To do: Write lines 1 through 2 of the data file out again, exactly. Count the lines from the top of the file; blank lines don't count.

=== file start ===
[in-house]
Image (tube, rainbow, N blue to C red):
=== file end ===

[in-house]
Image (tube, rainbow, N blue to C red):